Climate change harvest: visit to a local farm

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As I pick up a clod of earth still moist from the morning dew, vegetable farmer Jenn Pfenning says the soil is just one element of our ecosystem that is under environmental pressure that it has never experienced before.

“We’re losing soil through various types of farming practices that degrades it. And as temperatures increase and we have fewer cloudy days, the sun can harm the organic matter. We work really hard to build the soil’s organic matter in our fields because that is what enables crops to grow,” says Pfenning of the microorganisms that cycle nutrients in order to create the web that roots need to grow a plant.

Beauty as far as the eye can see (Photo/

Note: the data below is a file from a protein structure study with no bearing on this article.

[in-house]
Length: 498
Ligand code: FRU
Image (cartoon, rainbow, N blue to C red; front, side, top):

“Science tells us that there’s a whole microbiome that is a living, breathing world under our feet. It’s just like we understand the microbiome in the human gut. If we lose our soil’s organic matter, we lose the ability to grow crops that we eat. That’s being lost around the world and being washed away, blown away and burned away.”

There are fears, she says, the science community tells us that in the next several decades, farmers around the planet will lose enough arable soil to grow food. What, she asks, are we going to eat then?

Freshly picked and washed scallions (Photo/

Family-operated since 1981, Pfenning’s Organic Farm feeds a lot of people from their 700 acres of organically-grown crops tended by 150 employees who play roles planting, growing, harvesting, washing and packing a wide variety of vegetables.

For more, visit CBC-KW.

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